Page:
The learning companion, “LuCy,” described in our 1998 paper as part of the PROPA ITS (Goodman et al. 1997; Cheikes 1998) helps students articulate and reflect on what they have learned revealing a deeper understanding of their domain knowledge; a menu-driven dialogue provides the delivery vehicle for the communication. PROPA is an ITS prototype intended to teach explanatory analysis skills in the domain of satellite activity (Cheikes 1998). Explanatory analysis is the process by which an analyst formulates explanations for past or predicted events. The learning companion in PROPA encourages a student to reflect on choices that were made, actions taken, and concepts learned while solving an assigned problem. Our learning companion restricted communication by having the student select from a list of possible responses. In most cases, this limitation did not impose a significant impediment to the student since the dialogue is structured to draw out the student’s beliefs and thoughts by forcing him to either agree or disagree with the peer and to explain why by choosing a reason. Figures 1, 2, and 3 illustrate communication between the student and LuCy in PROPA. Instructional systems at the time of our paper utilized a number of different ways to gather information about the learner’s knowledge and promote learning through peer-oriented instructional activities such as those summarized in Table 1 below.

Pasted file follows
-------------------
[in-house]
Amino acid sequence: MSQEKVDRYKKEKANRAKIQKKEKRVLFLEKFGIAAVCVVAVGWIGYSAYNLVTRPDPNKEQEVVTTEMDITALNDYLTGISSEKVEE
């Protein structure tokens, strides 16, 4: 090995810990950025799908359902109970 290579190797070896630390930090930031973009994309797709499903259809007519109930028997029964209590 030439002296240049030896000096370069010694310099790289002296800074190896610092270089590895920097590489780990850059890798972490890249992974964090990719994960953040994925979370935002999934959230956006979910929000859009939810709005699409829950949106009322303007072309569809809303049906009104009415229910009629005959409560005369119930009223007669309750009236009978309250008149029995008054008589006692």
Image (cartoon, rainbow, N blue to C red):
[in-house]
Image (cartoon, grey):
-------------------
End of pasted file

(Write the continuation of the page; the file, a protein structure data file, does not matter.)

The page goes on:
Fig. 1

Unsolicited feedback from LuCy

Fig. 2

Positive reinforcement from LuCy

Fig. 3

LuCy inquiry interface

Table 1

Example peer-oriented instructional activities

Peer-oriented instructional activities

Self-explanation—students explain their solutions

Chi et al. 1989

Reflective follow-up—contrasting one’s steps to solve a problem with that of the coaching component

Lesgold et al. 1992

Peer interaction—joint problem-solving, critiquing, etc.

Katz and Lesgold 1993

Interactions with a simulated student—teaching, working alongside a human student, etc.

Chan and Baskin 1988; VanLehn et al. 1994

Learning companion as a ‘Nudge’—force articulation and reflection on choices made, actions taken, and concepts learned

Goodman et al. 1997, 1998